After a largely trouble-free and positive-vibes-only first season, Chelsea boss Frank Lampard has faced growing criticism in recent weeks. Those criticisms have run the usual gamut, from the tactical (defending vs. attacking balance) to the man-managerial (Rüdiger-Tomori situation, just to name one) to the tabloidian drama kind (only Englishman in
New York top-six management).
(It should be noted that regarding the latter, Lampard wasn’t presenting himself as someone with a victim complex, but rather as someone who’s self-aware of the perception with which he’s judged and the reality of the situation itself.)
Chelsea’s positive results will continue to keep certain negative narratives at bay, even if this season continues to break ground on Lampard’s public perception.
RB Salzburg’s American manager, Jesse Marsch, recently rehashed criticism from last season on Lampard’s supposed “rating” (or hating) of Christian Pulisic.
“Even Frank Lampard, when I spoke to him in preseason a year ago now, I was talking to him about having Christian Pulisic and he was kind of like, ‘Yeah, he’s got a lot to learn so we’ll see how he does.’ I said to him, ‘Listen, he was at Dortmund, and they had a high level of tactical thinking, of playing, and he was very successful.’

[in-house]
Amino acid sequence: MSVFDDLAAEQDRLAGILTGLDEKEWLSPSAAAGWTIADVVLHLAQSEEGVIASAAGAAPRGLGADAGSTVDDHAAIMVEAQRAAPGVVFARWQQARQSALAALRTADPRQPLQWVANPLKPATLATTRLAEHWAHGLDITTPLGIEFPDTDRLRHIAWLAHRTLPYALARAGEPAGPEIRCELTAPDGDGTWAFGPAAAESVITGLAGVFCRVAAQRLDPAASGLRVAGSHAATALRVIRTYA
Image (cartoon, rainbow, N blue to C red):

“I could see right away that Frank Lampard’s idea of Christian Pulisic was shaped a lot by the fact that he was American and not that his football education came a lot from what has happened in Germany. Since then, I think Lampard has learned that Pulisic is a lot better than he gave him credit for.”
- Jesse Marsch, Source: MLSSoccer ExtraTime Radio
As we might recall, Lampard eased Pulisic into the first team squad at the beginning of last season. It took roughly two months of inconsistent minutes between occasional starts and appearances off the bench before the then 21-year-old exploded into form, scoring a perfect hat-trick against Burnley at Turf Moor.
When asked about Marsch’s comments, Lampard was eager to set the record straight.
“I did read the comments. I was surprised that Jesse had managed to read my mind as well as he thought he did. He’s recounted the conversation wrong. I have to put it correct.
“We played Salzburg and Christian scored two goals in pre-season. Fair enough, Jesse came up to me and said what a talented player Christian was, which I knew and agreed with. I spoke about the fact that equally it was so exciting to see how he would develop for us with the talent that he had. That was the conversation, Jesse managed to put it across slightly differently.”